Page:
It’s official: Long Beach is the proud owner of ten zero-emission electric buses as Long Beach Transit (LBT) debuted the two of the buses this Monday.

Come the end of November, LBT plans on having all the entire $11M fleet up and running on DTLB’s Passport route that runs throughout from Pine to the waterfront and Queen Mary.

In addition to the purchase of the fleet, LBT approved a wireless charging system from Utah-based Wireless Advanced Vehicle Electrification Inc. to be installed near the Long Beach Convention & Entertainment Center along Pine Avenue. The construction of that project will be headed by Culver City-based Fast-Track Construction Corp. In addition, the LBT board awarded another contract to Chatsworth-based Eco Energy Solutions build a parking lot and charging station for the new vehicles at LBT’s headquarters along Anaheim in Cambodia Town.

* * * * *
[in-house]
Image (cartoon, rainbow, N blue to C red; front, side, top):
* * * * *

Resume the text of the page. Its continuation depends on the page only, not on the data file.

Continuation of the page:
Applause should be given to LBT for making the effort to create a zero-emissions route—and LBT’s Chief Executive Kenneth McDonald said he wants an entirely clean fleet by 2020. The decision to finally take LBT’s Passport route in DTLB—the route that largely caters to conventioneers, workers, and tourists, and is free—entirely electric is a bold one. (Other routes were possible contenders included the 45, 46, 81, 111, 112, 121, 151, and 171; however, capacity and wireless charger locations ultimately gave the Passport the edge.)

The benefits of electric buses are, as mentioned, zero emissions—and we mean true zero emissions—along with a decrease in noise pollution and a smoother, quieter ride. Even more, given that electricity rates are increasing at some 2% per year versus crude oil increasing at 8%, municipalities can save a good chunk of change, while simultaneously keeping the money in-state rather than abroad since electricity money is generated typically in-state. To top it all off, there are the cheaper maintenance costs: an electric bus’s centered maintenance point is replacing a battery.